The first step in the software compliance process is to ensure that the appropriate policies and procedures are implemented, so that employees know what they can and cannot do when it comes to software purchase, installation and use. This should include obtaining authorisation from the appropriate member of staff before downloading or installing anything on the organisation's computers.

Naturally, users should be made aware of new policies and procedures and this can be done via posters, newsletters and notice boards. Employees should sign a document to say that they understand them and will follow them to the letter. A disciplinary process should also provide reinforcement, and should be followed if staff are found to be contravening the new policies and procedures.


The next stage is to audit all software and hardware assets to find out exactly what is already installed and, more importantly, what is actually used. Many businesses find they are over-licensed and are wasting money on buying more copies of software than required or paying maintenance on unused applications. The money wasted could be channelled into other areas.

The audit process can either be done using an electronic network auditing tool or via a manual walk-round audit. There are advantages and disadvantages to both, and it may also depend upon the size of the organisation and how many PCs it owns.

Collecting data via an electronic tool is much quicker, but it is practically impossible to obtain all the information required for the audit. Information on the user as well as details of stand-alone PCs or laptops that may be off-site cannot be collected via an electronic audit. A physical walk-round is very time-consuming, but ensures that these details are not left out of the audit. It also takes into account peripherals such as printers, plasma screens, scanners and external modems. Once each item has been audited, it should be marked with a unique identification sticker.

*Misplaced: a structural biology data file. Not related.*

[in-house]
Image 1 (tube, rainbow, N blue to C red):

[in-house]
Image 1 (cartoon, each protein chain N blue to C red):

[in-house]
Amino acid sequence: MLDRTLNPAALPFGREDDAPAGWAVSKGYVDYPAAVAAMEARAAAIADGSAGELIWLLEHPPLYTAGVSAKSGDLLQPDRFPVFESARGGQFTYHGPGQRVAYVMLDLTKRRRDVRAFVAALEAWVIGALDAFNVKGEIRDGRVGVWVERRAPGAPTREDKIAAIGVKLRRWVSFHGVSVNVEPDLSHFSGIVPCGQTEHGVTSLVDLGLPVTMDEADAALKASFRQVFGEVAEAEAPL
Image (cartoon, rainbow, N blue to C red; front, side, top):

The third step is reconciliation of the audited assets with relevant software licences, to ensure that the organisation is correctly licensed. An asset register should be devised, listing the unique asset number identified during the audit process with the licence number. Many software publishers now allow invoices to be used as proof of licence purchase, so it is worth reconciling software to invoice numbers as backup.

The organisation should then ensure it has the correct number of licences. This is likely to involve purchasing licences for software that is underlicensed and deleting any unlicensed software that is not needed. Licences should also be stored in a fire-proof safe once the reconciliation has taken place to avoid potential loss or disasters.


The last and perhaps most difficult task is ongoing management of the compliance programme. As the IT and business environment are constantly changing and evolving, so too does the use of assets.

Policies and procedures should therefore be reviewed frequently and updated as necessary, with regular communication sent out to all staff to remind them of their existence. A full audit should be carried out at least once a year as well as an interim audit of between five and ten per cent of the organisation's PCs. This will ensure that the organisation is as compliant as it can be and reduce the risk of being hauled over the coals for non-compliance.